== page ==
Although statistics are not kept on identity theft victims under 18, estimates indicate the crime affects more than 500,000 children nationally each year, according to the Florida Attorney General’s Office in an article in the Palm Beach Post.
The article goes on to quote Linda Criddle saying:
Children’s SSNs are highly prized because children have no credit history, said Linda Criddle, president of the Safe Internet Alliance in San Diego. She warns that theft of children’s SSNs is on the rise.
The two primary threats to children’s financial identities are family members, even parents, who want to open a new line of credit, and professional thieves who use computers and public information to find SSNs, Criddle said. They use sophisticated programs to search for the numbers through databases kept by schools, doctors and insurance companies. The criminals then sell the unblemished numbers to people who use them to obtain credit cards and rack up huge debts they will not have to repay.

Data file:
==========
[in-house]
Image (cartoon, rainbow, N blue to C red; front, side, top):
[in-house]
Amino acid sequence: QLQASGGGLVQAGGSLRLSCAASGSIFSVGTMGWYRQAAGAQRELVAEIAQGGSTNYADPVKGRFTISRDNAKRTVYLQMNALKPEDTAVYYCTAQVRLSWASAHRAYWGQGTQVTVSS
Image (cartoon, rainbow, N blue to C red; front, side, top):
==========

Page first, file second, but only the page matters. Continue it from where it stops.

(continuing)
Criddle offers these suggestions to reduce your child’s risk of financial ID theft:
- Keep Social Security cards locked up. These don’t belong in wallets or loose in your home where others may come across them.
- Tightly restrict sharing your child’s SSN. You may be asked to provide your child’s SSN in many circumstances, such as to enroll him or her for a sports team, or at the doctor’s office. However, you do not need to give their SSN – you can show other evidence of age or information that your health care provider needs for billing.
- Teach your children not to share their SSNs. When they are applying for jobs, at which point they finally do have to share the number, make sure the employer and company are legitimate so the risk of resale is low.
- When creating a bank account for your child, set up only a savings account and make sure there is no overdraft protection included.
- Monitor your child’s credit as you do your own. If you wait until you see a red flag, a lot of damage may have occurred, and often you’ll see no red flag at all until your child seeks credit. Running a credit report does introduce some risk, but you can mitigate this by freezing their credit. This way, if the very act of checking your child’s credit history generated a credit file you have squashed the chances for abuse. Unfreeze their credit when they do seek a loan.
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